Spectre of inflation looming large for consumers as latest data to be unveiled

The prospect of rising interest rates and further hikes in the cost of living will be in focus this week when key inflation figures are released.
Rising petrol prices were a key factor in inflation coming in over the Bank of England's target during May.Rising petrol prices were a key factor in inflation coming in over the Bank of England's target during May.
Rising petrol prices were a key factor in inflation coming in over the Bank of England's target during May.

Data for June is due from the UK and US and officials from both the Bank of England and the Federal Reserve have recently indicated inflation could run higher than they initially expected as the pandemic recovery gathers pace.

Although AJ Bell investment director Russ Mould said neither is showing any indication of rushing to raise interest rates or throttle back on quantitative easing, figures from the US on Tuesday and UK on Wednesday “will be the next test of central bank policy”.

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UK inflation jumped to 2.1 per cent in May, overshooting the Bank of England’s target for the first time in two years and raising fears that the easing of pandemic restrictions since March will lead to a sustained rise in the cost of living. A jump in the price of fuel was one of the main drivers of May’s increase.

The last US numbers showed consumer price inflation was running at 5 per cent.

Mould believes sustained increases in inflation would not just have implications for the value of consumers’ money – as purchasing power will go down and the cost of living will rise – but their investment portfolios too.

Although inflation has been largely dormant for almost 40 years he said “its return would represent a major game-changer for investment portfolios”.

“If inflation goes up and stays up, everything that has worked from an investment perspective for the last 40 years – bonds, secular growth stocks and paper assets – may stop working,” he warned.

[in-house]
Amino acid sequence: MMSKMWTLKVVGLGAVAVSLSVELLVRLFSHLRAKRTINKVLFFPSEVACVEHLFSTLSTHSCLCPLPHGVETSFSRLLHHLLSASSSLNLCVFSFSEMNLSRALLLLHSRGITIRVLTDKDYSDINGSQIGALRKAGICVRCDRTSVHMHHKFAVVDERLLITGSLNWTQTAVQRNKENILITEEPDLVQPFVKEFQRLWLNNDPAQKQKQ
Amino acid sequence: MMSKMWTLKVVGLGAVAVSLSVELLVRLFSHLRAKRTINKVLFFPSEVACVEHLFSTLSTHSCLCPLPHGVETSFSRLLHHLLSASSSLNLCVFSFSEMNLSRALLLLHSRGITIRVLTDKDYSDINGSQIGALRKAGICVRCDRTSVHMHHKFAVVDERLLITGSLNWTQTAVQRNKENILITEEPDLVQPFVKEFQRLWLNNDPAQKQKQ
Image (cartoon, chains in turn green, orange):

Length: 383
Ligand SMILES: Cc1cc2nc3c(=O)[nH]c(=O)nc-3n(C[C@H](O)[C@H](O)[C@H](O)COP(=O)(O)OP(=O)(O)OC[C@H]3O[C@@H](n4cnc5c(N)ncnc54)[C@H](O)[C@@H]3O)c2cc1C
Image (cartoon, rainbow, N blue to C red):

“What has been out of favour for 40 years – real assets, value and cyclical stocks, even gold – may come back into their own.”

Mould said rising inflation could also impact on demand for different types of stocks.

“If inflation goes up, investors may prefer companies that have pricing power through strong brands, market share, a technological edge or captive customer base over those that promise growth in the future but are losing money now as they are involved in a land-grab for customers,” he said.

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“Some strategists are asking the question as to whether a rise in inflation could represent a generational tipping point and why believers in the ‘inflation’ narrative will not be put off by the recent reversal of the “value” trade.”

He said “value” investing has outperformed for the last six to 12 months, but “growth” investing had outperformed for more than a decade before that.

The rise in UK inflation seen in May was also down to increases in the cost of clothing, meals and pub and restaurant drinks. Online sales of computer games and music downloads were also cited in the Office for National Statistics figures.

The US figures come on the back on the Federal Reserve’s forecast at June’s policy meeting of two, quarter-point rates hikes by the end of 2023, up from an all-time low of 0.25 per cent.

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